My studio was a gift from my parents. It was built in 2017 with an inheritance I received after my mom and dad both died within four months of each other. I know my mom would say that she couldn’t think of a better way to use her money, and my dad would agree.
Also known as the “weaving shed” (and sometimes called the “she shed” by my husband), the studio is nestled in our back yard and faces north. It was designed by our friend Pat Woodbury, and built by another friend, Paul Renaud, both excellent craftsmen, to which this sweet structure bears witness.
I am a weaver. I became interested in weaving as a teenager, when I first saw a loom in the living room of my aunt’s house. A few years later, fresh out of college without much of a plan, I asked her to teach me to weave. She did, and I have been weaving ever since.
A weaver needs looms to weave on. For some reason, just one is never enough. Some of the looms I use for tapestry weaving, my primary medium, are small. Several, however, are more like pieces of furniture. Over the 15 years we have lived in Wellfleet, the looms kept taking up more space in the house. They needed a room of their own.
A weaver also needs lots of yarn, and that takes up space, too. One of the great joys of moving into the studio was finally being able to get all that yarn out of plastic bins kept in the basement. Now, it lives on shelves, where I can actually see what I have. Ideas for weavings often begin with time spent looking at the “yarn wall,” maybe seeing a color combination I hadn’t thought of before and imagining the possibilities.
Weaving is both a craft and an art. The weaving that I do on my floor loom is more craft. On that loom I make functional things, like scarves, dish towels, and baby blankets. Tapestry weaving, however, has a long tradition as a visual art form. It is an image-making medium, and produces a textile in which the image itself is integral to the woven object. In other words, the threads that create the picture also create the structure of the textile, the warp and the weft. Tapestries are woven on some kind of frame, large or small, that holds the vertical threads (the warp) through which the horizontal threads (the weft) are woven, over and under.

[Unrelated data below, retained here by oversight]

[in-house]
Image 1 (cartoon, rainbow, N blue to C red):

I have spent a lot of time in the studio during these strange recent months of staying at home. I have tried to maintain a practice of weaving every day, but some days that doesn’t happen. I have sewn face masks, some for the Medical Reserve Corps of Cape Cod, and some to keep family and friends safe. On the days when it is hard to focus on weaving, it is somehow easier to cut, iron, and stitch up five more masks.
Weaving is not my profession, though I exhibit my work when I can, and have occasionally sold pieces. I am an elementary school teacher, the math specialist at Truro Central School. Since mid-March, I have had to learn a whole new way of teaching, which involves spending most of my time on a computer and none of my time with children. When I close up my computer at the end of a “school day,” it’s time to leave the house. I walk a short distance across the patio and enter a space that brings me back to a more familiar sense of myself. There is always something to work on there, something I put down the day before and can pick up again. It helps, a lot.